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I have a third-party application that runs on Linux. The application runs as a specific (non-root) account and provides a quite complicated environment to that user. Without an interactive shell as said user, it is virtually impossible to work with the application due to the environment.

We are now trying to implement some monitoring of this application (monitoring scripts are provided by the application to the mentioned account). We are trying to do the monitoring as a third account that is shared across multiple servers to perform the same monitoring tasks on multiple servers so as to make credential management easier. Because of the complex environment of the application user, we have found that the monitoring user needs to sudo -i to the application user so that the environment is fully loaded. However, we believe this would require something like this in the sudoers file:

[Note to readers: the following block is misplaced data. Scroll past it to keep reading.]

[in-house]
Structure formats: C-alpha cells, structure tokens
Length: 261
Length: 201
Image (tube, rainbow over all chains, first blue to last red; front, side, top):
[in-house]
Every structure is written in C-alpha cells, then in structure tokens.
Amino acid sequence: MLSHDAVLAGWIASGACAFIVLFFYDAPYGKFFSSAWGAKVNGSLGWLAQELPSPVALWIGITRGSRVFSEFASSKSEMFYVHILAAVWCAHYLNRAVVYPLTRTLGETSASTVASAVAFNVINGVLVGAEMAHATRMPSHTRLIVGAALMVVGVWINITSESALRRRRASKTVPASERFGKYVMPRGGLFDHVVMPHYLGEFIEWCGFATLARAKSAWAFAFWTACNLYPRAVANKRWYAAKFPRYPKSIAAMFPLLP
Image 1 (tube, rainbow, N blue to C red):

monitor_user ALL=(application_user) NOPASSWD: /bin/bash

where /bin/bash is the application user's default shell. However, at this point, anybody with the credentials for the monitoring user can login as the monitoring user and become the application user, which isn't desirable.

Is there a way with sudo that I can allow a user to run specific commands as the application user with the application user's environment without allowing a full login shell for the monitoring user? We have thought about sourcing the application user's profile in the monitoring scripts, but we have had mixed results with this approach.

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